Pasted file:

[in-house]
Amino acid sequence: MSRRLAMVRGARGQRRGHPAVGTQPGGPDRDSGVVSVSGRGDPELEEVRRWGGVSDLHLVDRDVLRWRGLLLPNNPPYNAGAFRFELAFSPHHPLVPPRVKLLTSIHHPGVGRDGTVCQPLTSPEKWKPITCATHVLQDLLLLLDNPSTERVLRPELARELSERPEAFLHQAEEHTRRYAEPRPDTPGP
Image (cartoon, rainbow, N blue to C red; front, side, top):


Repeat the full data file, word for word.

[in-house]
Amino acid sequence: MSRRLAMVRGARGQRRGHPAVGTQPGGPDRDSGVVSVSGRGDPELEEVRRWGGVSDLHLVDRDVLRWRGLLLPNNPPYNAGAFRFELAFSPHHPLVPPRVKLLTSIHHPGVGRDGTVCQPLTSPEKWKPITCATHVLQDLLLLLDNPSTERVLRPELARELSERPEAFLHQAEEHTRRYAEPRPDTPGP
Image (cartoon, rainbow, N blue to C red; front, side, top):